Column #13

I am bereft of words. Empty as a leaky cauldron. All talk it has been the past seven weeks. An endless carousel of literary festivals and book launches. Where everything must be explained, answered, described at length, spelled out, explicated, clarified. It was exhilarating, exhausting. Read more

Column #12

Being a writer I am inordinately fond of pens. Either metaphorical, the ‘pen’ with which I type-write, or literal, the fountain pen I carry with me to book signings. “You’re the only person I know who still uses an ink pen,” said someone at a recent launch. Lately, pens have been… Read more

Column #11

My long-standing affection for Charles Dickens’ A Christmas Carol began with a well-thumbed Ladybird Classics for children. The cover featured a suitably Dionysian Spirit of Christmas Present, robe spilling open, holly entwined in his locks, exuberantly perched on a mound… Read more

Column #10

Lately, I have been thinking about book trailers. You may roll your eyes, and mutter, Jonathan Franzen-style, about your profound discomfort with having to use moving images to promote the printed word. “To me, the point of a novel is to take you to a still place,” he says in… Read more

Column #9

This is a memory trail. Prompted by leaving. By moving from place to place, city to city, across countries and continents. And at the edge of that journey — a new beginning, an old end — always the questions: how do the places you’ve lived in mark you? How do you mark them? Read more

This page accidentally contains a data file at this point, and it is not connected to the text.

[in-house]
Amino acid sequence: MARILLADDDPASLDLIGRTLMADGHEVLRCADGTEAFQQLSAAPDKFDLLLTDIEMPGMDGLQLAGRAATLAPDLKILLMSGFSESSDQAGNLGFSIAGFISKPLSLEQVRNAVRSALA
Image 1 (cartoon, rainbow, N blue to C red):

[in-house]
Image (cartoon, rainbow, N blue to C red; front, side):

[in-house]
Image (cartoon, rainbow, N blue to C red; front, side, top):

Column #8

Virginia Woolf greets you at the door. Sepia-tinted, larger than life, wrapped luxuriously in fur. Like a good hostess, she seems indiscriminately pleased to see everyone. Her face, delicate, emotive, carries a small, ceaseless smile. In the image, taken by an unknown photographer… Read more

Column #7

If Pindar, Ancient Greek lyric poet from Thebes, were alive today, he may, for a day job, work as chief sloganeer for an advertising agency. “Become what you are,” he wrote in a Victory Ode in the 5th century BC, long before Nike brainstormed over what would… Read more

Column #6

Earlier in 2014, I began this book column with great hope. A piece on literature and borders — rather, literature that questions and dismantles geographical boundaries. I was inspired by artist Francis Alÿs performing ‘The Green Line’— holding a can of leaking paint, he strolled along the… Read more

Column #5

Some years ago, in the sliver of time after graduate school and a first job, I was considering, quite seriously, the prospect of a PhD. In English Literature, of course, and in one of two (not entirely unrelated) topics: the poetry of Philip Larkin, or dystopian fiction. More precisely, the manner… Read more

Column #4

Hanif Kureishi has just been called a d**k. We are at a weekly literary evening organised by the School of English at the University of Kent, and the remark elicits some nervous laughter, and polite, if uneasy, silence. The indicter teaches at the university’s Centre for Creative Writing… Read more

Column #3

To write a protest poem you must live in times like these. The season of Light. The season of Darkness. When our winter of discontent threatens to linger as long as the one coming to Westeros. Our fleeting spring of little hope. To write a protest poem you must expand—not your possessions Read more

Column #2

It started, as revolutions are wont to do now, with a hashtag. Early this year, London-based designer and writer Joanna Walsh tweeted cartes de voeux for her friends with illustrations and 250-odd names of women writers. #readwomen2014 has become a terrifically popular trend… Read more

Column #1

In 2004, Belgian artist Francis Alÿs performed The Green Line. He held a can of leaking paint, and strolled along the armistice border in Jerusalem – effective until 1967, after which Israel occupied Palestinian-inhabited territories east of the line. His “line-making” was a playful act Read more